Chaimas Kurickis was born in Utena, Lithuania, in 1921. He and his mother fled east as the German army approached in June of 1941. They were arrested, separated and imprisoned in Daugavpils, Latvia, his mother being sent to the ghetto and he to jail.
The hero of his book was also in the ghetto and several concentration camps, where he fought to survive right up till May 5, 1945, when Germany was defeated finally. Chaimas Kurickas set down his recollections and experiences along with several poems in a book called “To Survie and Tell the Tale,” translated to Lithuanian under the title “Išgyventi ir papasakoti” by Edmundas Kutka. The book has also been translated to Hebrew and Russian, and has caught the interest of Latvians who utilize it to talk about the tragic events of the Daugavpils ghetto, and Germans. The Lithuanian translation is expected to be of keen interest to Lithuanians and especially people from Utena who might be interested in the native author’s youth and experiences.
The launch of the Lithuanian translation of the book, published with aid from the Goodwill Foundation, included a panel of speakers, including tour guide and historian Chaim Bargman, Vilna Gaon Jewish History Museum RIghteous Gentiles Department director Danutė Selčinskaja, teacher and historian Danguolė Jonaitienė who knew Kurickas from before the war, translator Tamara Jefremova and the translator of this book Edmundas Kutka.
The 20-year-old Utena native learned of the onset of war in his hometown. The rapid progress and unexpected moves of the German military forced him to adapt quickly to change. He and his mother and sisters were forced to flee, but the Kaunas-Daugavpils route was overcrowded with much military transport, Russian tanks and hundreds if not thousands of fleeing civilians, mainly Jews, trying to make their way towards Russia.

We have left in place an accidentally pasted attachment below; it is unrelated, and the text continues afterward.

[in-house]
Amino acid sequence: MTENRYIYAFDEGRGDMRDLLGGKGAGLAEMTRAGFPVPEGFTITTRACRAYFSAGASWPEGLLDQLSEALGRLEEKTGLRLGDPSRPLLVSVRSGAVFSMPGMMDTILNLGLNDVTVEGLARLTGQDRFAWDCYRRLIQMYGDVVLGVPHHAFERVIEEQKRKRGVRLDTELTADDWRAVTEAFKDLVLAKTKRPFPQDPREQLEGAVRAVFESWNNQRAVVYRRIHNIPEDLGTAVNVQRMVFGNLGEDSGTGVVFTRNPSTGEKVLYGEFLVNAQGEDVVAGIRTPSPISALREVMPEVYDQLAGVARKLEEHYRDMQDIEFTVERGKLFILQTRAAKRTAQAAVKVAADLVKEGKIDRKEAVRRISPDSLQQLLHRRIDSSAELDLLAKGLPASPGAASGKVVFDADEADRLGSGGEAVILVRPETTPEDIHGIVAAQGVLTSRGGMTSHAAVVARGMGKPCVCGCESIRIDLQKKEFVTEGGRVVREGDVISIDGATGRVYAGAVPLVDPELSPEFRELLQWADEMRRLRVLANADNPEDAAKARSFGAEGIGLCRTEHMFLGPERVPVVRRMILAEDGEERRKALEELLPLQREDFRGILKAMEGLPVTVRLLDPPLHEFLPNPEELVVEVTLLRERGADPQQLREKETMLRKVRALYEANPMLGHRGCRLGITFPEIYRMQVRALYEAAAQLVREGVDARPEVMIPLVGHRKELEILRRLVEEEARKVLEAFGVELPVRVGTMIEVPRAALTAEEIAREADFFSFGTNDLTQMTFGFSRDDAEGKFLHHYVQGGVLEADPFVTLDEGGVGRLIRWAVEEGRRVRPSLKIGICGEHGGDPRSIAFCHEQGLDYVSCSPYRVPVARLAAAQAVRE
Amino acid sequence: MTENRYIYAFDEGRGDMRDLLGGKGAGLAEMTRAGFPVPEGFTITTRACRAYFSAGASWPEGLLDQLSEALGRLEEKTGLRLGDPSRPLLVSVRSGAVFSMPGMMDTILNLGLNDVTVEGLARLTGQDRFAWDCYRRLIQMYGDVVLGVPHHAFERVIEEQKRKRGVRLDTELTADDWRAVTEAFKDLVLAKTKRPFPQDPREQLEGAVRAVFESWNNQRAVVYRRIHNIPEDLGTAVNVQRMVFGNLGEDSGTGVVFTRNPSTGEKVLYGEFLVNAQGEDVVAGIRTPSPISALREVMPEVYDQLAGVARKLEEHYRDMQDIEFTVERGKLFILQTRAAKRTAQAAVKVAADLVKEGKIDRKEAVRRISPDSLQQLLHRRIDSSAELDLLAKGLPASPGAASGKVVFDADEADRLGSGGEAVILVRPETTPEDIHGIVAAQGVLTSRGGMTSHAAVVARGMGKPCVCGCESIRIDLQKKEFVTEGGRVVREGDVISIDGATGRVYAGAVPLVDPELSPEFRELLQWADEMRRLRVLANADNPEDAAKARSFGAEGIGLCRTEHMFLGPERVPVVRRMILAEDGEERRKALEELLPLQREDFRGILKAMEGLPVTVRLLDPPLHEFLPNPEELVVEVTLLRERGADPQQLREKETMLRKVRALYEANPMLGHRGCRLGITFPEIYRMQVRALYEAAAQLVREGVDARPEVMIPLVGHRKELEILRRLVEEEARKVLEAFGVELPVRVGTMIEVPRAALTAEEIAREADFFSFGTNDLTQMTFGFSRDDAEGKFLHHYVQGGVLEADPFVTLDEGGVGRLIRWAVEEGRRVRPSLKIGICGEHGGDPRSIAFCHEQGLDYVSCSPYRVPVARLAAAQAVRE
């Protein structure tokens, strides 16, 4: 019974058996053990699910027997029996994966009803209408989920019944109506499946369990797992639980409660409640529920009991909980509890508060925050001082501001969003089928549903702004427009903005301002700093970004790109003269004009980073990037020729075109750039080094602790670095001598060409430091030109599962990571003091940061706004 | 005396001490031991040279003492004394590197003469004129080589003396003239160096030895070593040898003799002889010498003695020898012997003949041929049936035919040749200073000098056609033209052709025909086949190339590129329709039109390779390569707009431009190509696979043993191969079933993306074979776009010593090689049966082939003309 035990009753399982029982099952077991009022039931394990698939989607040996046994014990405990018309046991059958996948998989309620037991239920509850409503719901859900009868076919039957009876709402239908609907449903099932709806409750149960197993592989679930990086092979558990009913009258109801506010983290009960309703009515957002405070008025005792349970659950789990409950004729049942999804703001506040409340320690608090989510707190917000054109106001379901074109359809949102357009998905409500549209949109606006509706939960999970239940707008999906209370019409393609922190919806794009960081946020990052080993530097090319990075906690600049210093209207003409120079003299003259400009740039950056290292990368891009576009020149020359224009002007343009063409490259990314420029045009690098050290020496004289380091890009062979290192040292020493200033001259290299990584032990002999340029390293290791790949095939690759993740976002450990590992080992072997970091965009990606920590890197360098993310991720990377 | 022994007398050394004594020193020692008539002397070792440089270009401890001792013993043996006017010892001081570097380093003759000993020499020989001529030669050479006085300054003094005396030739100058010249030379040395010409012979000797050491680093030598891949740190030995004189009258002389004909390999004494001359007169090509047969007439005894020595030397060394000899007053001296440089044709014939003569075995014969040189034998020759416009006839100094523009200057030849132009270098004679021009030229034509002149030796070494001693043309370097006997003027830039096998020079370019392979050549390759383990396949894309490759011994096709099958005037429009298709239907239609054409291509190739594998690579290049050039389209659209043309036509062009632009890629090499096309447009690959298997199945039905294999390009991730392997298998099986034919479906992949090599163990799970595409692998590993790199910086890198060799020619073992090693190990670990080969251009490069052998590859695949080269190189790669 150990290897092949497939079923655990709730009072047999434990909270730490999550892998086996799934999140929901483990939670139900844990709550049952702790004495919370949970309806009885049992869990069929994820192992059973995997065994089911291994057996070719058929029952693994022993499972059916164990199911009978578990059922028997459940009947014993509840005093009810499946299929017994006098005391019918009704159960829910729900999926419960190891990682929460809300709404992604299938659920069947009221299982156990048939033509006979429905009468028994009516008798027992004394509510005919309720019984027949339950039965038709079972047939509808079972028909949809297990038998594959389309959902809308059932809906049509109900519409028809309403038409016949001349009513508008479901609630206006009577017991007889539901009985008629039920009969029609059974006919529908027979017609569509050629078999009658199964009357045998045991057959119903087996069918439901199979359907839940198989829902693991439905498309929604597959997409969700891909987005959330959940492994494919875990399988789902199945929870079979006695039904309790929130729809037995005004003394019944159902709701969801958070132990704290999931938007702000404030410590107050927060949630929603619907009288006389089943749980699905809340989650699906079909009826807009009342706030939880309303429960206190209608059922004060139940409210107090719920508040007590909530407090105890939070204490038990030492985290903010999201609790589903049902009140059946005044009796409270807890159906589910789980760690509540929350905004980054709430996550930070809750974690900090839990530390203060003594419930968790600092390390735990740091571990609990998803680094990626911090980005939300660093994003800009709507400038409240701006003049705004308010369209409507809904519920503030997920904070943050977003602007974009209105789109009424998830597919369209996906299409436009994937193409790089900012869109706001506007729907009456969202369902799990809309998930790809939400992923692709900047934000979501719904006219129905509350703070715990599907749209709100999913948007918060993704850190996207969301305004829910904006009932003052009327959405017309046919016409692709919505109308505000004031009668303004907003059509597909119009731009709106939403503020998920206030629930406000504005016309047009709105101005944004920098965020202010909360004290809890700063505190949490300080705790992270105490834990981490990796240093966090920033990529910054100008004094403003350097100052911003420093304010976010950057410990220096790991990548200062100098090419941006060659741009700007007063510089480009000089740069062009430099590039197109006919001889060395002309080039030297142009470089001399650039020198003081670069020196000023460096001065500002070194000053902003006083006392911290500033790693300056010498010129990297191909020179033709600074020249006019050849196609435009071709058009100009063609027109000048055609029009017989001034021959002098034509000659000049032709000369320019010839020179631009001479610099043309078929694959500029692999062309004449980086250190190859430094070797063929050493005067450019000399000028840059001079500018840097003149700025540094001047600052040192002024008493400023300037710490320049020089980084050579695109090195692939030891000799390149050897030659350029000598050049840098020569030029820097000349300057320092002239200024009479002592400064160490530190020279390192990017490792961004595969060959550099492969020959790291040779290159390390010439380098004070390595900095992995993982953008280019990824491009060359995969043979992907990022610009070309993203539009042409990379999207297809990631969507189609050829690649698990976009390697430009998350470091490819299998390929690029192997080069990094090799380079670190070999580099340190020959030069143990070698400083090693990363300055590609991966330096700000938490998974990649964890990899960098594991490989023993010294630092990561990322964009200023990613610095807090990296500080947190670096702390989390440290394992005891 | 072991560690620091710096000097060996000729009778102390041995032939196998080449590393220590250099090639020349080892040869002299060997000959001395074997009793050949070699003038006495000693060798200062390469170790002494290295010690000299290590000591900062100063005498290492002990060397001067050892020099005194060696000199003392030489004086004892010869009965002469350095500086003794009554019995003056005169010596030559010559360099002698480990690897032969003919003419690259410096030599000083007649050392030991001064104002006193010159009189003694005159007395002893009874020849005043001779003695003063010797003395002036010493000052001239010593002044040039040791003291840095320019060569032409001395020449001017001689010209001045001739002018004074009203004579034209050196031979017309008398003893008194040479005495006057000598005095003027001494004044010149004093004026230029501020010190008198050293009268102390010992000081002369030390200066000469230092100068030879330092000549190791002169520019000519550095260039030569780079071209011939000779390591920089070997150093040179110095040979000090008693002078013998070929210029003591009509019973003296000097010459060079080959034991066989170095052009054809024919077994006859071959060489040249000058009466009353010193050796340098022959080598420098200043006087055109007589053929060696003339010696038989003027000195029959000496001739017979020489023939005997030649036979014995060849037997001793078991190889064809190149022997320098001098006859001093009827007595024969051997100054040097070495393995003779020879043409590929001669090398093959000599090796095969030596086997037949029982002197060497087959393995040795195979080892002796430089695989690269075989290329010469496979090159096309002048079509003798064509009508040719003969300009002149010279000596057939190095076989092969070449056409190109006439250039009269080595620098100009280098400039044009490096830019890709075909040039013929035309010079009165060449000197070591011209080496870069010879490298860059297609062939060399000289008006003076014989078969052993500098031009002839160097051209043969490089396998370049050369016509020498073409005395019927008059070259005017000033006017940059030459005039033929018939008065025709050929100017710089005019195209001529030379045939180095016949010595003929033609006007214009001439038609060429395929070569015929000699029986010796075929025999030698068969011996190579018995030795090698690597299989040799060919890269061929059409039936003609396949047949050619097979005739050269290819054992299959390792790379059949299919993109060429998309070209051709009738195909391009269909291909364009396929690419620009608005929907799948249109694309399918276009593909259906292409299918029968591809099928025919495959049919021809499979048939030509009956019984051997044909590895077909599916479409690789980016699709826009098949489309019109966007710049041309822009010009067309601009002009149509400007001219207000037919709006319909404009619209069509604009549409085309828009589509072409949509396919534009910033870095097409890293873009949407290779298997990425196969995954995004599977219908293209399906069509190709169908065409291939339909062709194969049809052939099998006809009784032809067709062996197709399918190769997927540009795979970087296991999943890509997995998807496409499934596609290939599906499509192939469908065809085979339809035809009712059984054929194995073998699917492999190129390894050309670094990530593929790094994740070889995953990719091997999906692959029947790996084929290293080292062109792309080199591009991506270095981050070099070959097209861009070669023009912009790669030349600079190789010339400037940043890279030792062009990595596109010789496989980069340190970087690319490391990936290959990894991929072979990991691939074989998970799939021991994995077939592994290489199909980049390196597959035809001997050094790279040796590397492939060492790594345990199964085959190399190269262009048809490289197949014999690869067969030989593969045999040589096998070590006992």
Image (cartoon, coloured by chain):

By the third day of war they were counting time in minutes rather than hours. Kurickas and his mother and sisters travelled together and managed to board a train in Daugavpils departing for Riga, Latvia. German troops stopped the train at the first station along the route. Most of the Jews en route were murdered. In the book he described the loss of his beloved mother and his thoughts about his own survival. He faced death many times and witnessed the inhumane brutality and derision of the Germans. His experience strengthened within him the desire to record what happened so future generations would know about the mass murder and everything the Jews had to experience during the war. The book contains many names and exact dates.
Chaimas Kurickis has since passed away, but his three daughters visited Utena and there visited the offices of the newspaper Utenos žinios which had published extracts from their father’s book.
The Daugavpils fort employed as the Jewish ghetto where Chaimas spent most of the war. The fort is a unique surviving example of this type of architecture from the early 19th century in Eastern Europe.